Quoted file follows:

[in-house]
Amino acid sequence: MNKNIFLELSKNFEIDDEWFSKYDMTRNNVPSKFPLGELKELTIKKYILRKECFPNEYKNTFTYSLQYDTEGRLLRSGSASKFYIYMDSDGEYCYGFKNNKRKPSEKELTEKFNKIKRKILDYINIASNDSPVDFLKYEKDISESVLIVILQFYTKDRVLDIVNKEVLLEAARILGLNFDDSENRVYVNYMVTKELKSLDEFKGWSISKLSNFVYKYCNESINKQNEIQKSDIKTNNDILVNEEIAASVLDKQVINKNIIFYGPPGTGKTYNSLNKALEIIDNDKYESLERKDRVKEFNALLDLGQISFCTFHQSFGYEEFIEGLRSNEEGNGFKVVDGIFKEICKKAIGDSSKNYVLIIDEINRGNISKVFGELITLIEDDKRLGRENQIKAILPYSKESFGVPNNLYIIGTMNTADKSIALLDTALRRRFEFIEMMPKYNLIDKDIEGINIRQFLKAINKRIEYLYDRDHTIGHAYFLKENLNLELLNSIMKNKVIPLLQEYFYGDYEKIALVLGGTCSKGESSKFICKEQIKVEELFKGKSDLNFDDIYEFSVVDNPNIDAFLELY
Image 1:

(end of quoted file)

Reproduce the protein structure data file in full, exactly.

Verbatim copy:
[in-house]
Amino acid sequence: MNKNIFLELSKNFEIDDEWFSKYDMTRNNVPSKFPLGELKELTIKKYILRKECFPNEYKNTFTYSLQYDTEGRLLRSGSASKFYIYMDSDGEYCYGFKNNKRKPSEKELTEKFNKIKRKILDYINIASNDSPVDFLKYEKDISESVLIVILQFYTKDRVLDIVNKEVLLEAARILGLNFDDSENRVYVNYMVTKELKSLDEFKGWSISKLSNFVYKYCNESINKQNEIQKSDIKTNNDILVNEEIAASVLDKQVINKNIIFYGPPGTGKTYNSLNKALEIIDNDKYESLERKDRVKEFNALLDLGQISFCTFHQSFGYEEFIEGLRSNEEGNGFKVVDGIFKEICKKAIGDSSKNYVLIIDEINRGNISKVFGELITLIEDDKRLGRENQIKAILPYSKESFGVPNNLYIIGTMNTADKSIALLDTALRRRFEFIEMMPKYNLIDKDIEGINIRQFLKAINKRIEYLYDRDHTIGHAYFLKENLNLELLNSIMKNKVIPLLQEYFYGDYEKIALVLGGTCSKGESSKFICKEQIKVEELFKGKSDLNFDDIYEFSVVDNPNIDAFLELY
Image 1: